Pumping out a pure spin current from an antiferromagnetic insulator with sub-THz radiation
We experimentally demonstrate that a pure spin current can be pumped out from a resonantly excited antiferromagnetic insulator by sub-THz radiation and be detected using heavy metals with strong spin-orbit coupling.
Pure spin current is a flow of angular momentum instead of a flow of charge, which plays the critical role of manipulating the magnetic moments by spin-orbit torques in modern spintronic devices. This requires materials and methods that allow the generation and control of pure spin current in solid states systems. Currently there exist a few methods capable of creating pure spin currents, like the spin Hall effect, spin pumping, and spin Seebeck effect. The inverse spin Hall effect (ISHE) in heavy metals is commonly used to electrically probe the pure spin current. Most pure spin currents are generated from ferromagnetic materials via spin pumping and spin Seebeck effect.
Recently, antiferromagnetic (AFM) spintronics has attracted tremendous attention owing to the terahertz (THz) spin dynamics and absence of net magnetization in AFM materials, which offers unique advantages for ultrafast and robust spin-based nanoscale device applications. The two eigen states of a uniaxial AFM are left- and right-handed spin precession or magnon modes which carry the angular momenta of ±ħ. If one can selectively drive only one of the magnon modes into resonance, a flow of net angular momentum is pumped out of the AFM connected to a heavy metal. This process is very similar to the spin pumping phenomenon in ferromagnet/heavy metal heterostructures but happens at a sub-THz or THz frequency. The AFM spin pumping was anticipated; however, to date, it had not been explicitly demonstrated.
The first difficulty is to find a sub-THz or THz source. We utilized the 0.240 THz solid state continuous microwave source with our collaborators in the Institute of Terahertz Science and Technology (ITST) at the University of California-Santa Barbara (UCSB). The second challenge is to choose a proper AFM among hundreds of AFM materials. There are a few criteria for the AFM candidates: (1) its magnon gap need to be as close as 0.240 THz, so that we can easily tune the magnon frequency to the microwave frequency by Zeeman splitting and drive one of the magnon modes into resonance; (2) it should be an insulator so that we can exclude the large microwave rectification effect from the AFM material itself; (3) it is better to start with a simpler AFM. Uniaxial AFMs have two well-defined eigenmodes. We choose Cr2O3, which meets all three requirements: it is a uniaxial AFM insulator with magnon gap at 0.168 THz.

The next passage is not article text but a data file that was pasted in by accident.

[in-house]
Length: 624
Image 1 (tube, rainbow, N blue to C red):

We deposit 5 nm-thick Pt and Ta (b-phase) films on Cr2O3 surface, which are used as spin current sinks and detectors. In our experiments, the Cr2O3 (10-10) slab is mounted on a piece of sapphire secured to a Teflon stage located at the exit of the waveguide, which is located at the center of a 12.5 T superconducting magnet. A magnetic field along the Néel vector is used to tune the magnon frequency to match 0.240 THz and excite AFM resonance. Very clear electrical signals are observed exactly at the resonance fields determined by electron magnetic resonance signal. The pure spin current nature of the electrically detected signals is unambiguously confirmed by the reversal of voltage polarity under two circumstances: one when switching the detector metal from Pt to Ta which reverses the sign of the spin Hall angle, and the other when flipping the magnetic field direction which reverses the magnon chirality. The intriguing temperature dependence of the electrical signals at both resonances suggests that the spin current contains both coherent and incoherent magnon contributions. Our experimental findings set the stage for further exploring spin currents in the emerging frontier of AFM spintronics.